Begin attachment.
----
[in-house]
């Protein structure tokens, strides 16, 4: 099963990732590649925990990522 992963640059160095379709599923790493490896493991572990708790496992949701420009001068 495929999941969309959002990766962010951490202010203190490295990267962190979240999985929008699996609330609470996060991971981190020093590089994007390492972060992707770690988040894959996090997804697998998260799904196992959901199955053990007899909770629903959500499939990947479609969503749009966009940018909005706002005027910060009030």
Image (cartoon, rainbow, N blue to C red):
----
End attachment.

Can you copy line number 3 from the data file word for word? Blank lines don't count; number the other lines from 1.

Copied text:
Image (cartoon, rainbow, N blue to C red):